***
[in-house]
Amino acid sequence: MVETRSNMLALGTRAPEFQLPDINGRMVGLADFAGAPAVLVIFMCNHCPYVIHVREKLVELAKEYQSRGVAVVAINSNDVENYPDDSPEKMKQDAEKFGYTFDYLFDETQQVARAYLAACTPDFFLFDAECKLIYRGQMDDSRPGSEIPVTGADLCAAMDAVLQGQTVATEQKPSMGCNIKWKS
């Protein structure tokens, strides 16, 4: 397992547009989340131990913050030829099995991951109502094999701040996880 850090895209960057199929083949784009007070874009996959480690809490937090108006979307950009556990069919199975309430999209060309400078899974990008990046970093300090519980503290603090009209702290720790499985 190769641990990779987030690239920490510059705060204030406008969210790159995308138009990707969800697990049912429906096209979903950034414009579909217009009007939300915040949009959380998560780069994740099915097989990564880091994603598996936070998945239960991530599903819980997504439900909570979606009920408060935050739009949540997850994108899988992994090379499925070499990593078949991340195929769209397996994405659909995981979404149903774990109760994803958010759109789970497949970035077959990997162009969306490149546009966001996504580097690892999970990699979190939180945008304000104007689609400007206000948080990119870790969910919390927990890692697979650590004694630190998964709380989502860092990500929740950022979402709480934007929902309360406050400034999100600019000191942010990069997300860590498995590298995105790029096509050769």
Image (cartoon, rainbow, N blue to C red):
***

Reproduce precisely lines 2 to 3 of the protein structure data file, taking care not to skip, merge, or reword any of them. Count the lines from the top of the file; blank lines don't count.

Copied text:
Amino acid sequence: MVETRSNMLALGTRAPEFQLPDINGRMVGLADFAGAPAVLVIFMCNHCPYVIHVREKLVELAKEYQSRGVAVVAINSNDVENYPDDSPEKMKQDAEKFGYTFDYLFDETQQVARAYLAACTPDFFLFDAECKLIYRGQMDDSRPGSEIPVTGADLCAAMDAVLQGQTVATEQKPSMGCNIKWKS
């Protein structure tokens, strides 16, 4: 397992547009989340131990913050030829099995991951109502094999701040996880 850090895209960057199929083949784009007070874009996959480690809490937090108006979307950009556990069919199975309430999209060309400078899974990008990046970093300090519980503290603090009209702290720790499985 190769641990990779987030690239920490510059705060204030406008969210790159995308138009990707969800697990049912429906096209979903950034414009579909217009009007939300915040949009959380998560780069994740099915097989990564880091994603598996936070998945239960991530599903819980997504439900909570979606009920408060935050739009949540997850994108899988992994090379499925070499990593078949991340195929769209397996994405659909995981979404149903774990109760994803958010759109789970497949970035077959990997162009969306490149546009966001996504580097690892999970990699979190939180945008304000104007689609400007206000948080990119870790969910919390927990890692697979650590004694630190998964709380989502860092990500929740950022979402709480934007929902309360406050400034999100600019000191942010990069997300860590498995590298995105790029096509050769």